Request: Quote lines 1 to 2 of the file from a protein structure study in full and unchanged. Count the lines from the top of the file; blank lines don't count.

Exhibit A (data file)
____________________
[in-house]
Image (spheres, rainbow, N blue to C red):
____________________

[in-house]
Image (spheres, rainbow, N blue to C red):